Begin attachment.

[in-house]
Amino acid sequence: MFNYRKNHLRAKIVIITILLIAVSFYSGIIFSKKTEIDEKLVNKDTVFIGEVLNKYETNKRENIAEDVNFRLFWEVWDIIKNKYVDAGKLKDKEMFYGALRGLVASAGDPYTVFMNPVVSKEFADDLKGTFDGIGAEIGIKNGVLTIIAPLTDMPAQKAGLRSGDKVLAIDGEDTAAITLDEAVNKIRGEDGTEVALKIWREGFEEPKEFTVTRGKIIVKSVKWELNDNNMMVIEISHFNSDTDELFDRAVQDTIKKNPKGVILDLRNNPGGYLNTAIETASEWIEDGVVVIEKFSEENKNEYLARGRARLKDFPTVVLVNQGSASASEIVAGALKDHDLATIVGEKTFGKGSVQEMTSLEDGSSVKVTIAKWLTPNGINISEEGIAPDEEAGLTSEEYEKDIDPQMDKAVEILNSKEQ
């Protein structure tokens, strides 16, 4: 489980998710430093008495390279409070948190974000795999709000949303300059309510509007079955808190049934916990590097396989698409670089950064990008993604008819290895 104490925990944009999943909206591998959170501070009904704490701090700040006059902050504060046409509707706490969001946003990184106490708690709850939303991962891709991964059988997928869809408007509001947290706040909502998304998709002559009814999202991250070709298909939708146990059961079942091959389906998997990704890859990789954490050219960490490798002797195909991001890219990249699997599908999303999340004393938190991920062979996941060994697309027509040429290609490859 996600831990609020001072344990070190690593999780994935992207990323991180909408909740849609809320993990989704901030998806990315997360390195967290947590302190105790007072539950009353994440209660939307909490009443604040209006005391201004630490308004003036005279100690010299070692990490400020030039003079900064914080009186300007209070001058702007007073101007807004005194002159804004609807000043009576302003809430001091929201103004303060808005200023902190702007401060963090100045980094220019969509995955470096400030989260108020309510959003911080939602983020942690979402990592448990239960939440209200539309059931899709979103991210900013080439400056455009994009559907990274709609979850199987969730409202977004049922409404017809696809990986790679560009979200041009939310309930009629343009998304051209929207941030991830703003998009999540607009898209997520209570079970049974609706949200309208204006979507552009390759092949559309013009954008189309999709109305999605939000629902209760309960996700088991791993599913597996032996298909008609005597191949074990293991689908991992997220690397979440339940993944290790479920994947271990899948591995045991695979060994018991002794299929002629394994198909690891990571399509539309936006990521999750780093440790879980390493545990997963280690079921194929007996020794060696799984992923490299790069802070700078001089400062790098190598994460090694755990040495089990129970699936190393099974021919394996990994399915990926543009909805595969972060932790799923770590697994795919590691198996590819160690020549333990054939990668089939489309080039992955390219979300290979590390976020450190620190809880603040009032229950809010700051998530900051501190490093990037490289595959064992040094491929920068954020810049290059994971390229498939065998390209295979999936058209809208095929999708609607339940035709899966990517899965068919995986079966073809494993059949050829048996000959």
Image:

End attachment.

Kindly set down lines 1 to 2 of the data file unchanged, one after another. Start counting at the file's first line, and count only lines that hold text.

[in-house]
Amino acid sequence: MFNYRKNHLRAKIVIITILLIAVSFYSGIIFSKKTEIDEKLVNKDTVFIGEVLNKYETNKRENIAEDVNFRLFWEVWDIIKNKYVDAGKLKDKEMFYGALRGLVASAGDPYTVFMNPVVSKEFADDLKGTFDGIGAEIGIKNGVLTIIAPLTDMPAQKAGLRSGDKVLAIDGEDTAAITLDEAVNKIRGEDGTEVALKIWREGFEEPKEFTVTRGKIIVKSVKWELNDNNMMVIEISHFNSDTDELFDRAVQDTIKKNPKGVILDLRNNPGGYLNTAIETASEWIEDGVVVIEKFSEENKNEYLARGRARLKDFPTVVLVNQGSASASEIVAGALKDHDLATIVGEKTFGKGSVQEMTSLEDGSSVKVTIAKWLTPNGINISEEGIAPDEEAGLTSEEYEKDIDPQMDKAVEILNSKEQ